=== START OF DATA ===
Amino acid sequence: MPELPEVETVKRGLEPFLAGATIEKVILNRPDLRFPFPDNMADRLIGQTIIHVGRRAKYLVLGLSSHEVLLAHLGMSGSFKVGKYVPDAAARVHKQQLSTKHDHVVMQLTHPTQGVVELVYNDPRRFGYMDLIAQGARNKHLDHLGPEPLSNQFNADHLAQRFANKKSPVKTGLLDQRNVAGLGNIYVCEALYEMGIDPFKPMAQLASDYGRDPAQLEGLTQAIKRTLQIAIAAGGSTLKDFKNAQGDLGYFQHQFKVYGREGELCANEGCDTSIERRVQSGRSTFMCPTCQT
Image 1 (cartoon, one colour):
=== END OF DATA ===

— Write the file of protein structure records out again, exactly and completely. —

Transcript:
Amino acid sequence: MPELPEVETVKRGLEPFLAGATIEKVILNRPDLRFPFPDNMADRLIGQTIIHVGRRAKYLVLGLSSHEVLLAHLGMSGSFKVGKYVPDAAARVHKQQLSTKHDHVVMQLTHPTQGVVELVYNDPRRFGYMDLIAQGARNKHLDHLGPEPLSNQFNADHLAQRFANKKSPVKTGLLDQRNVAGLGNIYVCEALYEMGIDPFKPMAQLASDYGRDPAQLEGLTQAIKRTLQIAIAAGGSTLKDFKNAQGDLGYFQHQFKVYGREGELCANEGCDTSIERRVQSGRSTFMCPTCQT
Image 1 (cartoon, one colour):